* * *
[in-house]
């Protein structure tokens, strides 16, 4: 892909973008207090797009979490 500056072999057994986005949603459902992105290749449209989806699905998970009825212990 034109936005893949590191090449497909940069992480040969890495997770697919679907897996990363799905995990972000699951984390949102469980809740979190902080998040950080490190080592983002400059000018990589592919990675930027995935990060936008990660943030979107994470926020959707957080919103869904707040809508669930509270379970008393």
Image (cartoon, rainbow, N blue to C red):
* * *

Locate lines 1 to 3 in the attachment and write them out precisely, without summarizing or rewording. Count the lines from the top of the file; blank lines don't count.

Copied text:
[in-house]
């Protein structure tokens, strides 16, 4: 892909973008207090797009979490 500056072999057994986005949603459902992105290749449209989806699905998970009825212990 034109936005893949590191090449497909940069992480040969890495997770697919679907897996990363799905995990972000699951984390949102469980809740979190902080998040950080490190080592983002400059000018990589592919990675930027995935990060936008990660943030979107994470926020959707957080919103869904707040809508669930509270379970008393």
Image (cartoon, rainbow, N blue to C red):